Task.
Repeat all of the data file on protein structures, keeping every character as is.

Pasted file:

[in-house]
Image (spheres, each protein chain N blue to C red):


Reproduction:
[in-house]
Image (spheres, each protein chain N blue to C red):